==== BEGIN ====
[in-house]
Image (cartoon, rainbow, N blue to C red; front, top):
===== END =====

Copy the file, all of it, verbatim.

[in-house]
Image (cartoon, rainbow, N blue to C red; front, top):